Once you've managed the passage, look for a trail uphill and parallel to the creek and head south for a short distance until you find the actual trail sign - a metal plate with the words "AB Young" cut into the steel. Here begins the initial climb of 1600 feet in just over 1.6 miles.

At first, a mature conifer forest provides welcome shade as the moderately steep path heads up. Soon however the trail emerges into open, shadeless territory populated with manzanita, mountain mahogany, barberry, and other dry climate loving vegetation. The trail is rocky and steep, and there is no respite from the intense sun until the canyon rim above, so avoid this hike in the summer months.

The high desert climate is perfect for cactus plants, and species like prickly pear are frequently spotted along the way. This plant has flowered, and the purplish "pears" growing atop the flat pads are the fruiting stage of life. This succulent, fleshy treat is a favorite food of birds and javelinas, who eat the fruit and later spread the seeds after digestion, allowing the plant to reproduce.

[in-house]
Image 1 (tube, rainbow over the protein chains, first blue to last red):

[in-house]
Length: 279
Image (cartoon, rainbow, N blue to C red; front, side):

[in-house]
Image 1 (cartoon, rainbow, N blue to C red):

The lack of cover allows for excellent views as the trail climbs higher and higher. The path uses 33 switchbacks to reach the rim, and many hikers will use each one to pause and catch their breath while admiring the scenery.

Closing in on the upper canyon wall, outcroppings of Kaibab limestone begin to appear. They provide a means to gauge the steady uphill progress of the path.

Looking ahead ponderosa pines dominate the skyline, indicating the rim of the canyon. A few more switchbacks will deliver the hiker to the end of the climb. In the meantime, don't forget to stop and admire the local flora, in this case a fruiting manzanita shrub with vivid red berries.

Looking back and down it's easy to see how far the trail has taken you. The highway below is a slender ribbon of traffic, full of cars with people who have no idea a trail even exists above them.

Looking across the canyon reveals that the east side is quite a bit lower than the west side - 700 feet or so. This is the result of faulting that created Oak Creek Canyon.